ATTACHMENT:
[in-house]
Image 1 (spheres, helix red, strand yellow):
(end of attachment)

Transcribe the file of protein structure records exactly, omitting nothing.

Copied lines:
[in-house]
Image 1 (spheres, helix red, strand yellow):